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We love cooking—but cooking burnouts happen, too

We love cooking—but cooking burnouts happen, too

cooking burnout

During the onset of the pandemic, I was one of those who were more than happy to take advantage of my kitchen as a distraction from the quarantine stress. From Dalgona coffee to banana bread and flavored pandesal, no food trend was left untried in our household. But after 200 days of lockdown, the spark between the kitchen and me was… somehow not there anymore. Thinking about making food gets me exhausted, and the interest I had whenever new recipes and food trends go viral disappeared as quickly as they came.

Apparently, this is called “cooking burnout.”

cooking burnout
Photo by Kevin McCutcheon on Unsplash

Just like regular burnouts, it makes you feel depleted, discouraged and detached toward activities that you used to enjoy. While cooking is a necessity—and having food to cook is a privilege—those who were also using it as an outlet to relieve stress leaned on its therapeutic effects.

“We lose interest in doing it and find it increasingly difficult to motivate ourselves. So, in the case of cooking, doing even a limited amount of it would leave us feeling exhausted, and we would increasingly dislike it. We would avoid doing it as much as possible, and when we had to do it, we would put in the minimal amount of effort and feel resentful about having to do it,” says Rutgers University applied psychology professor Cary Cherniss.

Simply put, cooking relentlessly may have made it feel like a total humdrum.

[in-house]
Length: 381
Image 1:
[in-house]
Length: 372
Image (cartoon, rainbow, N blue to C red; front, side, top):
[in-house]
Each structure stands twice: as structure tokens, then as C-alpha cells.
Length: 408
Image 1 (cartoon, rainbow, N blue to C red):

“When people must cook the same things every day, the lack of variety and freedom of choice can lead to stress and burnout. When people feel that cooking is not meaningful and intrinsically rewarding, then it becomes just another chore,” says Cherniss.

cooking burnout
Photo by Max Delsid on Unsplash

Cooking burnout may also be happening because of the changes we’re facing in the kitchen. For some of us, food was a way to connect with people—and not being able to share these great meals we’re whipping up in the kitchen with our friends may be taking its toll. Before the pandemic, we can easily drop by our favorite café to grab a quick drink instead of having to make it on our own. But that option has been taken away from us, too. Of course, you can still get takeouts or deliveries, but it’s not really the same, is it?

So, how do we ease this cooking burnout?

Treat it as you would treat regular burnouts. Take time to recharge by allowing yourself a break from the kitchen, and maybe even find a way to make cooking feel rewarding once more. Start again with simple recipes or try something unique and creative. At the end of the day, burnouts do happen—and it’s okay to feel that way.


Header photo by Bonnie Kittle on Unsplash

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To know how Filipinos are coping in the pandemic, look at what they’re eating © 2020. Hinge Inquirer Publications, Inc.